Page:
Criminal Drug Networks Are Flooding The U.S. With Deadly Fentanyl: DEA

By a Biometrica staffer

The Drug Enforcement Administration (DEA) seized enough fentanyl in 2021 to provide a lethal dose to every single American. Overdose-related deaths in the U.S. are reaching devastating new heights, claiming a new victim every five minutes, the DEA said in a statement. On Thursday, Dec. 16, the DEA announced that there was a direct link between fentanyl-related overdose deaths and criminal drug networks in Mexico.

These groups are harnessing social media platforms to bring drugs laced with fentanyl and fake prescription pills into American homes with one click on a smartphone, the DEA added. DEA Administrator Anne Milgram announced the results of a public safety surge that lasted from Sept. 29, 2021 through Dec. 14, 2021 at a press conference in Washington, D.C.

The surge targeted criminal drug networks that are harnessing the anonymity and accessibility of social media apps to push deadly drugs into American communities. During the surge, DEA and law enforcement partners seized more than 1,500 pounds of fentanyl and over eight million fake prescription pills. The seizures were directly linked to at least 46 overdoses and 39 overdose deaths.

At least 76 of the cases involved drug traffickers using social media applications, including Snapchat, Facebook, Facebook Messenger, Instagram, TikTok, and YouTube; and, 32 cases have direct ties to the major Mexican drug networks that are mass-producing and distributing fentanyl. Of the total fentanyl seized in 2021, much of it was in the form of fake prescription pills. In 2021, DEA seized a staggering 20.4 million fake prescription pills.

“Mexican criminal drug networks are harnessing the perfect drug trafficking tool: social media applications that are available on every smartphone. They are using these platforms to flood our country with fentanyl. The ease with which drug dealers can operate on social media and other popular smartphone apps is fueling our Nation’s unprecedented overdose epidemic,” DEA Administrator Anne Milgram said.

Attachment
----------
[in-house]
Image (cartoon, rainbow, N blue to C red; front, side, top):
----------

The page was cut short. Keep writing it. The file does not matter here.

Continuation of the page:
DEA officials warn that criminal drug networks in Mexico are mass-producing deadly fentanyl and fentanyl-laced, fake prescription pills, using chemicals sourced largely from China. These fake prescription pills are designed to appear nearly identical to legitimate prescriptions — such as Oxycontin®, Percocet®, Vicodin®, Adderall®, Xanax® and other medicines — and have been found in every state in the country.

In September, the DEA issued its first Public Safety Alert in six years to warn the public about the alarming increase in the availability and lethality of fake prescription pills in the U.S. These fake prescription pills often contain deadly doses of fentanyl. DEA has determined that four out of ten DEA-tested fentanyl-laced, fake prescription pills contain at least two milligrams of fentanyl — an amount that is considered to be a lethal dose.

From Sept. 29-Dec. 14, 2021, DEA agents throughout Illinois, Indiana and Wisconsin seized 183 pounds of fentanyl and approximately 68,250 fake prescription pills, in addition to 16 guns seized and 40 arrests conducted during the course of their investigations.

Since Aug. 3, 2021, DEA agents throughout Illinois, Indiana and Wisconsin have arrested 62 individuals and seized 236 pounds of fentanyl (including 145,000 counterfeit pills), 29 guns, and over $647,000 in U.S. currency as part of the efforts targeting the trafficking of fentanyl and counterfeit prescription pills laced with fentanyl.

“Seizing large amounts of fentanyl throughout the DEA’s Chicago Division reflects our commitment to keeping families safe, and bringing to justice drug traffickers who inflict harm on our communities,” said Robert Bell, Special Agent in Charge of the DEA Chicago Division.